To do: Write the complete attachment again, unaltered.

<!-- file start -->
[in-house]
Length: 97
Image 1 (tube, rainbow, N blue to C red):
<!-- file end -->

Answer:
[in-house]
Length: 97
Image 1 (tube, rainbow, N blue to C red):